Community gardens are a lovely program in the right location, says the president of the Glenayre Community Association.
But that place isn’t in Art Wilkinson Park.
Sean Ogilvie said he and many others in the Port Moody neighbourhood tucked at the base of Burnaby Mountain were taken aback when city councillors recently voted to place a 60-plot community garden in its only multi-purpose park despite their opposition.
On Tuesday (Jan. 25), the decision was put on pause so council can meet further with residents to discuss the garden plan.
It’s not the first time dirt’s been thrown on putting a garden in Art Wilkinson Park that’s located right across from Glenayre Elementary on Glencoe Drive.
Last spring, council put a hold on the project shortly after approving it and another, smaller community garden near the city’s recreation complex along Ioco Road.
While the latter’s 20 plots have already produced crops, an online community survey conducted in fall 2021 showed 61 per cent of respondents didn’t approve of the gardens at Art Wilkinson.
Their objections included concerns about traffic congestion, attracting bears and a general disinterest for such a project in a neighbourhood comprised mostly of single-family homes with plenty of space for private backyard gardens.
But, said Ogilvie, it’s a little more fundamental than that.
He said Art Wilkinson Park isn’t an appropriate location for 60 community garden plots covering approximately 650 sq. m. because they’d rob the well-established family neighbourhood of the only flat, open public space in the undulating green space which also features a hillock that’s a popular tobogganing destination for kids when it snows, a playground, tennis and basketball courts, a few picnic tables, a free little library, a community centre that also contains a daycare and hosts meetings for Cub Scout and Brownie troops, as well as a ceremonial cherry tree that was planted in 2018 to commemorate Glenayre’s 60th anniversary.
It’s a busy place.
“There’s not a lot of places for things like playing ball,” Ogilvie said, adding the expansive field at the elementary school across the street is often booked with organized activities like youth soccer matches and adult slo-pitch games so there’s limited opportunity there for free play.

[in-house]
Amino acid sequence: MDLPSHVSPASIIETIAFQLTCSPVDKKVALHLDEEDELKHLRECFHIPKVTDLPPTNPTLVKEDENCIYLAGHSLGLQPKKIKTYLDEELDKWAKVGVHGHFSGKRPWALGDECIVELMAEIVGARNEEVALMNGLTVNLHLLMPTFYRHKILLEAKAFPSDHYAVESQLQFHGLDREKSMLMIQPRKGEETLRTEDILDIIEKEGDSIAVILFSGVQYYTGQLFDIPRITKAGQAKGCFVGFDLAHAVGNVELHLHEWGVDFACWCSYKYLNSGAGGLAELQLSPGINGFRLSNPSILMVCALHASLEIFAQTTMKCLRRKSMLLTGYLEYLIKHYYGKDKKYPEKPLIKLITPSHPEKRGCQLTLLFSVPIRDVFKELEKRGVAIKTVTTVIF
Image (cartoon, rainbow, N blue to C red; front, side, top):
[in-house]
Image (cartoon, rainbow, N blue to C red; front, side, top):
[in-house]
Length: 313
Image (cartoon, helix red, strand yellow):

Ogilvie said the remoteness of the neighbourhood also makes it a puzzling choice for gardens that are often intended for people in more dense, urban environs who might not have access to a piece of property to plant their own.
“You couldn’t find a better plan of putting it in a tucked-away corner of the city,” he said. “Who is this for?”
After inviting Mayor Rob Vagramov and members of council to a pair of meetings on Jan. 17 and 21 to show them the park and better explain the impact the garden plots could have, Ogilvie said he’s confident they now have a grasp of the neighbourhood’s concerns.
Coun. Steve Milani, who attended one of the sessions, said he was better “able to understand the nuances of the effect a community garden will have on the park.”
Coun. Zoe Royer agreed.
“I’m not convinced this is the best location,” she said. “Proximity is important.”
Ogilvie said another meeting with councillors is planned.
Coun. Amy Lubik said she’s confident a middle ground can be found, while Coun. Meghan Lahti suggested a smaller garden might be more appropriate for the site.
“I think we can achieve some wins,” she said.
One of those could be working with the community centre’s daycare to implement educational programs about gardening and food security, said Coun. Diana Dilworth.
Ogilvie said it’s important the park achieve its “highest and best use,” adding he hopes there can be a solution “to support community garden programs, but not at the expense of the greater community.”